Edward Enninful is a British fashion stylist, and current fashion and style director of W magazine.
Edward Enninful was born in Ghana, but at a very young age, moved to Ladbroke Grove, London, along with his parents and five siblings. His mother worked as a seamstress, and inspired him with the vividly patterned colors and fabrics she used while creating clothing for her British-Ghanaian friends.
At the age of 16, Enninful was spotted on the train by stylist Simon Foxton. "I was 16 and I had no idea who Simon Foxton was," he said in an interview for Telegraph Magazine. "About two weeks later I was stopped again, this time by a model scout. When I told her that I'd already been approached by Simon Foxton, she told me how amazing he was and weeks later I was shooting with him at his house, along with Nick Knight, a founder-photographer of i-D."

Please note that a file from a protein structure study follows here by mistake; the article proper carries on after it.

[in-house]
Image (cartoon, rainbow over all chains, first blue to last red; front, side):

Enninful described his brief career modeling as his "baptism into fashion". By the age of 17, he had been introduced to Trish and Terry Jones, founder of i-D magazine, and soon began assisting i-D fashion director Beth Summers. He finished college, earning a degree at Goldsmiths, University of London ("Barely, but otherwise my dad would have killed me.") while juggling his modeling career and assisting on shoots with Foxton and Summers. Summers left the magazine a few weeks after Enninful's 18th birthday, and Terry Jones gave Enninful the position.